White was appointed Riverside County superintendent of schools on Jan. 11, 2017, and leads one of California’s largest county offices. She previously served as deputy superintendent of San Bernardino City Unified School District and superintendent of Moreno Valley Unified School District. Both the Association of California School Administrators Region 19 and the California Association of African-American Superintendents and Administrators named her Superintendent of the Year for 2017. She holds an administrative credential from UCR and a doctorate in educational leadership from Azusa Pacific University.

Joe Dunn

Joe Dunn

Former California State Senator Joe Dunn, now the assistant dean of external relations at the UC Irvine School of Law, will discuss “Understanding the Strange World of Political Advocacy” on Thursday, May 18, at 12:30 p.m. in Humanities 1500. Reservations are requested as seating is limited, and may be made online. Attendees must purchase a parking permit via a permit dispenser in Lot 24.

At the UCI School of Law, Dunn serves as the primary point person for the launch of the UCI Cybersecurity Policy and Research Institute, the Civil Justice Research Institute, and the UCI Institute on Policing in Society.

He was a member of the California State Senate from 1998 to 2006, during which time he chaired key committees such as the Senate Judiciary Committee and the Senate Housing and Transportation Committee. He received international acclaim as chair of the Senate Investigation Committee into the 2001 California Energy Crisis. California Lawyer Magazine called him “the Man Who Cracked Enron.”

Between 2006 and 2014, Dunn served as CEO of both the State Bar of California, the judicial branch regulatory body overseeing all aspects of the profession of law, and the California Medical Association, the most influential state medical organization in the nation, representing more than 30,000 California doctors.

Prior to his election to the Senate, Dunn practiced law, handling products liability litigation involving defective medical devices and pharmaceuticals, as well as environmental cases. He earned his J.D. from the University of Minnesota School of Law and his B.A from The College of St. Thomas.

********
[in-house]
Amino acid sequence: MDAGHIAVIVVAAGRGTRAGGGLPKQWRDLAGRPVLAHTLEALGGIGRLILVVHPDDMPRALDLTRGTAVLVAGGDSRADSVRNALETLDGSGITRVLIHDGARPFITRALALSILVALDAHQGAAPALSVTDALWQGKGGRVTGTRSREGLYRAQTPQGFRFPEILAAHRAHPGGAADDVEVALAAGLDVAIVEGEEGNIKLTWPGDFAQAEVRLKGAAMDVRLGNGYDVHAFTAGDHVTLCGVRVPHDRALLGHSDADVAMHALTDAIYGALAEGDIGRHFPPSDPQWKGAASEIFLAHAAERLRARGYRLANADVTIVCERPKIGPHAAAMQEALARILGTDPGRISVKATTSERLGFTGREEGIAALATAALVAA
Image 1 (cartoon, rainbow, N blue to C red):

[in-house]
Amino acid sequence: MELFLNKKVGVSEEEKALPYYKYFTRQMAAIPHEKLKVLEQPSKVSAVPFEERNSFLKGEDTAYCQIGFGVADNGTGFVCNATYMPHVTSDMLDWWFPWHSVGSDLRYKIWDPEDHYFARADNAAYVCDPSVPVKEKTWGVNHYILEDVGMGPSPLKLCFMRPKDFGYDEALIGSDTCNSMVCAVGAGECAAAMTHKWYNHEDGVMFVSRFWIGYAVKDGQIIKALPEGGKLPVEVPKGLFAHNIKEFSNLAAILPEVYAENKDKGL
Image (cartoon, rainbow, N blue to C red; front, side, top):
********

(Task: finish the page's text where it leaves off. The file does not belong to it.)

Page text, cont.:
Robert M. Kaplan

Robert M. Kaplan

On Thursday, May 25, Robert M. Kaplan, professor of medicine at Stanford University, will discuss “Overpromised Cures: Why We Need to Rethink Investments in Medical Care and Biomedical Research” at 11:30 a.m. in Interdisciplinary South 1113. The event is co-hosted by SPP, the School of Medicine, and the One Health Center. Reservations are requested as seating is limited and may be made online. Attendees must purchase a parking permit via a permit dispenser in Lot 24.

“Health care in the United States is the biggest sector in the largest economy in the history of the world,” Kaplan said. “This year, we will spend nearly $3.2 trillion on health services. In addition, the United States has the largest biomedical research enterprise in the world with annual federal expenditures approaching $35 billion. Despite these large expenditures, health outcomes in the United States are not exceptional. In contrast to other prosperous economies, life expectancies in the United States have been systematically losing ground over the last 35 years.”

Kaplan, who is director of research at Stanford’s Clinical Excellence Research Center, will challenge the narrative that investments on medical research and medical care are on the right track. The United States needs a shake-up in the dominant paradigm, he believes, and suggests that many public health services may have been under resourced.

He previously served as chief science officer at the U.S. Agency for Health Care Research and Quality and associate director of the National Institutes of Health, where he led the behavioral and social sciences programs.  He is also a distinguished emeritus professor of health services and medicine at UCLA and the current Regenstrief Distinguished Fellow at Purdue University.  He holds M.A. and Ph.D. degrees from UCR.

Media Contact


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E-mail: bettye.miller@ucr.edu
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Additional Contacts

Mark Manalang
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E-mail: mark.manalang@ucr.edu